(CNN) -- Supreme Court Justice Clarence Thomas, the high court's only African American jurist, opened up recently about his thoughts on race and the White House.
Asked if he ever expected to see an African American president in his lifetime, the conservative justice said he always knew "it would have to be a black president who was approved by the elites and the media, because anybody that they didn't agree with, they would take apart."
"And that will happen with virtually - you pick your person, any black person who says something that is not the prescribed things that they expect from a black person will be picked apart," he said in an April interview at Duquesne Law School in Pittsburgh, which aired on C-SPAN.
"You can pick anybody, don't pick me, pick anyone who has decided not to go along with it; there's a price to pay," he continued. "So, I always assumed it would be somebody the media had to agree with."
Thomas didn't mention President Obama specifically in his comments. Asked if he had met the 44th president, Thomas said the two have only met in passing.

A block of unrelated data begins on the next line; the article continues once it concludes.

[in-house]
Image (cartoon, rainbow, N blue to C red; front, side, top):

"I don't do a lot of Washington and I'm not into politics, so I mean there's not that many occasion," he said, adding that they once shook hands at an inauguration to be polite. "But I've had no in-depth conversation."
Thomas is known for staying largely silent on the bench and has rarely commented on cases during his time in the high court.
"One thing I've demonstrated often in 16 years is you can do this job without asking a single question," he recalled in a speech five years ago.
CNN's Ashley Killough and Bill Mears contributed to this report.
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